If you want to copy some DNA, Polymerase Chain Reaction (PCR) provides a way. And my reaction when I see a full Pol tube is Phew! We’re not out of Pfu! Though we might want to Taq a few more tubes onto our next order… We don’t get a choice of what DNA POLYMERASE (DNA Pol) our cells use to copy DNA, but we *do* get to choose what DNA Pol to use when we do it to copy specific stretches of DNA in a PCR tube. Sso7 what? Efficiency, processivity, fidelity, thermostability – that’s what! We can use “designer” copiers that best suit our DNA xeroxing needs to ensure that speedy, accurate copying proceeds!

If you’ve been following me (thanks by the way – I hope it’s been helpful!) you’re probably getting tired about hearing about this “For the Love of Enzymes” book I’m reading by Arthur Kornberg – but it’s so good! I’m through the part where he won the Nobel Prize for discovering an enzyme (reaction speeder-upper) that could copy DNA, using a single strand of DNA letters (deoxynucleotides) as a template for linking up (polymerizing) “opposite” letters into a complementary chain (which can then be used as a template for recreating that original template sequence thanks to the 1:1 “oppositeness” of DNA letters (more below). 

He called this enzyme DNA Polymerase (DNA Pol), &  I’m now at the part where he’s describing how, with the help of his son, Tom, he found out that there are actually multiple versions of DNA Pol – even within a single cell. If you look to different organisms you can find even more diversity – and scientists can take advantage of the different properties of different ones to fit our in vitro (in a test tube) DNA copying needs!

DNA (DeoxyriboNucleic Acid) is the biochemical language our genetic info’s written in  & its alphabet consists of 4 deoxynucleotide (dNT) “letters,” A, T, C, & G which have a “generic” part made up of a deoxyribose sugar with phosphate(s) hooked up on the “left arm” (5’ position) has a hydroxyl (-OH) group as a “left leg” (3’ position) & then the different letters have different “nitrogenous bases” (bases) that stick off as a “right arm” – these bases are the single- or double-ringed parts.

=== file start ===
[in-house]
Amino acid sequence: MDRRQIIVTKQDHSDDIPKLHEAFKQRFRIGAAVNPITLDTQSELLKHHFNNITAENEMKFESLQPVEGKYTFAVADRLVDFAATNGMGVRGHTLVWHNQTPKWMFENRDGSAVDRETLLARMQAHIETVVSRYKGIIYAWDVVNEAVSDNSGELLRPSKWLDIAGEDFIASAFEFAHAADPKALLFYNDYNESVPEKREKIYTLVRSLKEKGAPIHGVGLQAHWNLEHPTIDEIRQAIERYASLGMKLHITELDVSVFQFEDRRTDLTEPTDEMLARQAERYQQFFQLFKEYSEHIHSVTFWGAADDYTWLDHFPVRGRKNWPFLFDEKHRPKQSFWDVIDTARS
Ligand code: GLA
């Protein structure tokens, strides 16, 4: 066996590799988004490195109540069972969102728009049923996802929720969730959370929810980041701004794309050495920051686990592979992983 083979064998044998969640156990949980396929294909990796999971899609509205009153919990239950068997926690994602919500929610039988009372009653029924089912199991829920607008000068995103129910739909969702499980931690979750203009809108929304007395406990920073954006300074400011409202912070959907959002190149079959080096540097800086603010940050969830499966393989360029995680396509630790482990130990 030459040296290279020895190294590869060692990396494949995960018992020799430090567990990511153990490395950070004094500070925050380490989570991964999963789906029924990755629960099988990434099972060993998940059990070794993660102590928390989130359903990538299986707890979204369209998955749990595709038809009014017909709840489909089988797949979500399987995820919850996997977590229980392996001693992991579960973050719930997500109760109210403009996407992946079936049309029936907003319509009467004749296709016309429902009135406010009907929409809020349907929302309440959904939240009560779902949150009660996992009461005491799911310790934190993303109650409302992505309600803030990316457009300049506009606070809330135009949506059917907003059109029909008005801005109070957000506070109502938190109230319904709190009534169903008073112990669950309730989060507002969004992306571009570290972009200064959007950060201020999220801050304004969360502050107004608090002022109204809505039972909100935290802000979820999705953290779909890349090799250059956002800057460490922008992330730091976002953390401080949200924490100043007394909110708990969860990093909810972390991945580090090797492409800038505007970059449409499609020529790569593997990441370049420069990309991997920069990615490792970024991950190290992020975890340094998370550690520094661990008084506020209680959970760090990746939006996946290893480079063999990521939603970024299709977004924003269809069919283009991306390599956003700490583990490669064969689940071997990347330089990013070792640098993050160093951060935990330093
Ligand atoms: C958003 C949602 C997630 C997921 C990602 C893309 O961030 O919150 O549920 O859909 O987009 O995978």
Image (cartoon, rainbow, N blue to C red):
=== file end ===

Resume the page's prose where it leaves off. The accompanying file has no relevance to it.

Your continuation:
dNTs use their generic parts to link together through phosphodiester bonds to form long single stranded DNA (ssDNA) & 2 complementary single strands “zip together” using their unique base parts (A across from T, C across from G) to form double-stranded DNA (dsDNA). This double-strandedness protects it from damage (the bases are facing in) and allows for easy copying since if you unzip it one strand can be used as a template for making another. 

This unzip and copy is what happens in replication – before a cell divides, it needs to copy all its DNA (its entire genome) so that it can pass on a full set to each daughter cell, and it does this with the help of DNA Pol, which brings together the freely-roaming nucleotides, holding the right ones together & helping them link up, while rejecting the wrong ones (ones that don’t complement each other (e.g. don’t let an A bind a C!)

PCR (Polymerase Chain Reaction) is a way to carry out this process in a (really tiny) test tube & only copying a small section of DNA, which we specify by using PRIMERS. Primers are short pieces of DNA (oligonucleotides, or “oligos”) we design to “bookend” our region of interest (AMPLICON).

We need these primers because DNA Pol can’t start chain-building from scratch – it needs to start from a short double-stranded stretch. This is just one of its limitations (but sometimes limitations can be good! You don’t want cells copying DNA randomly!) Another limitation of its is that it can only copy DNA in One Direction (5’ to 3’). Before we get too far, let’s make sure we’re NSYNC… (90s girl, sorry!)

The letter-linking is “generic” because it only involves the “backbone” parts that all the letters have (phosphodiester bonds involve the phosphate & hydroxyl merging) so you can link letters in any order (e.g. ATTACA or CAAATT). But the strand-zipping is specific because it occurs through interactions of the unique bases. So the “opposite” of ATTACA is TAATGA, which is different from GTTTAA. But, writing the opposites like this is a bit misleading because opposite direction you should be reading.

If you have ATTACA, and you stick the complementary letters across from it, you get this:



BUT – dsDNA is ANTIPARALLEL – this means that the strands are running in opposite directions (one is 5’->3’ and the other is 3’->5’ with the ‘ pronounced “prime” and referring to whether the left arm (5’) or “left leg” (3’) of that end’s sugar is free). So

5’ ATTACA 3’

3’ TAATGA 5’

And we usually write sequences 5’ to 3’, so the “complimentary sequence” to 5’ ATTACA 3’ is 5’ AGTAAT 3’

This may seem like a mere technicality, but it’s really important in reality! Because DNA Pol can only copy DNA in one direction, 5’ to 3’, and you always have to keep in mind which way the “train tracks run”